Pat Cadigan
AUTHOR

Pat Cadigan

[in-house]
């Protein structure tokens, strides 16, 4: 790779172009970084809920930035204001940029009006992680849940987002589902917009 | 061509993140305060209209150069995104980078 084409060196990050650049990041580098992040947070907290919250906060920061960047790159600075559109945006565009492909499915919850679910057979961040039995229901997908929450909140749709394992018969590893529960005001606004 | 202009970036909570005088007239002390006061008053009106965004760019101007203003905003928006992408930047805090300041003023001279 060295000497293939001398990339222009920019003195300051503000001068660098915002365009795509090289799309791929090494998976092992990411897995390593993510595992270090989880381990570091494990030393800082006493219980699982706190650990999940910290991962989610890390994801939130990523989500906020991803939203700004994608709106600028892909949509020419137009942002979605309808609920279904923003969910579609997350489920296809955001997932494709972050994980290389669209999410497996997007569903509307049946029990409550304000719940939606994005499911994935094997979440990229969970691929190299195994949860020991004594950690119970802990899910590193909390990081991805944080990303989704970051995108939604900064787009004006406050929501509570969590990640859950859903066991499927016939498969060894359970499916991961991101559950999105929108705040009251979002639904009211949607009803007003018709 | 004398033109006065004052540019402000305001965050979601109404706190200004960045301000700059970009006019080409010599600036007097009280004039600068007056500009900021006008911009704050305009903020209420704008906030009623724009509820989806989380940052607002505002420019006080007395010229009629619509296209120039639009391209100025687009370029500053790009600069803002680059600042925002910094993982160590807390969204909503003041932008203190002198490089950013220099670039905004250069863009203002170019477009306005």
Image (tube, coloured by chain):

“I swear they told me it was terminal...but that was back in December 2014. What can I say? Heaven doesn’t want me and Hell’s afraid I’ll take over.” Pat Cadigan won the Arthur C. Clarke Award twice for her novels Synners and Fools, and most recently, the Scribe Award for Best Novelisation for Alita Battle Angel. She has also won three Locus Awards––best short story for "Angel," best collection for Patterns, and best novelette for "The Girl-Thing Who Went Out For Sushi,", which also won the Hugo Award and Japan's Seiun Award; it can be found in Edge of Infinity, edited by Jonathan Strahan. Most often identified as one of the original cyberpunk writers––the Guardian called her The Queen of Cyberpunk––her work includes fantasy, horror, young adult, and nonfiction. Born in New York, she grew up in Massachusetts but spent most of her adult life in the Kansas City area, where she worked for ten years at Hallmark Cards, Inc., writing greeting cards, often in perfect iambic pentameter. She now lives in gritty, urban north London with her husband, the Original Chris Fowler, and takes pride in the accomplishments of her son, musician, composer, and nonfiction writer Robert Fenner. Along with her media tie-in writing, Cadigan is working on two new original novels––working titles: See You When You Get There and Truth & Bone––while she makes terminal cancer her bitch. Diagnosed in late 2014 with an inoperable and incurable form of reccurrent endometrial cancer, she was given at most two years to live. After she underwent what was supposed to have been strictly palliative chemotherapy in early 2015, however, doctors were forced to revise their estimates from 'two years or less' to 'Someday, maybe––hey, we just work here'. When asked for comment, Cadigan, who has already returned from the dead after a severe case of anaphylactic shock, said, “Each of us was put on this earth to accomplish a certain number of things. I’m now so far behind that I can never die.” She has been keeping a blog called 'Ceci N'est Pas Une Blog––Dispatches From Cancerland' at patcadigan.wordpress.com about her adventures as a cancer patient; she promises that it's not a bummer. In fact, some of it is even funny. She can also be found on Facebook and tweets as @cadigan and just about everything there is funny, too. Cadigan’s latest work is the novelisation of William Gibson’s unproduced screenplay for what would have been the third Aliens movie, published 31 August 2021. (Spoiler Alert: it’s not the third Aliens movie that you saw in the theatre, on video, or in your nightmares.). In fact, Gibson did two drafts of the screenplay; this novelisation is his first draft. The second draft was very different and was adapted as a graphic novel by Dark Horse, starring the fabulous artwork of Johnny Christmas. Cadigan thinks you should own both, because. Thanks to Gollancz’s high successful Gateway eBook program, all of Cadigan’s original novels are available electronically. Other books, such the two making-of movie books she was commissioned to write—The Making of Lost in Space and The Resurrection of the Mummy—are available through third-party sellers. Support independent and second-hand book-dealers whenever possible. You can’t get everything in electronic format. Also, before eBooks came along, second-hand book dealers prevented many good writers from disappearing altogether. Ebooks are great because you can take hundreds of them with you on an airplane without worrying about the weight allowance but it’s still great to have a book signed by your favourite author.) As a cancer patient (no, she’s not in remission, just stubborn), Cadigan spent 2020 at home, thanks to the inconvenience of a global pandemic. She got a lot of writing done, but not a lot of housework, because seriously? Are you kidding? Sightings continued to be scarce during 2021. Cadigan hopes to get around more in 2022, depending on the slings and arrows of absurd and outrageous fortune. She was delighted to hear she was nominated for the 2020 Scribe Award for Alita Battle Angel. The award winners in all categories were announced on 15 July 2020 and Cadigan was even more delighted to find out that Alita Battle Angel was the winner in the novelisation category. She says that her editor, Ella J Chappell was crucial in helping her produce her best work possible. Like Ellen Datlow and Gardner Dozois, Ms Chappell has become a lasting influence on Cadigan’s work in general. (The complete list of Scribe Award nominees and winners is available at: https://iamtw.org/2020-scribe-award-nominees/?fbclid=IwAR3hUExVxUwUFaJVE74FEYQRG1viE-i0m6ypT73AgIivA0h6EGuRmsXVxOw)
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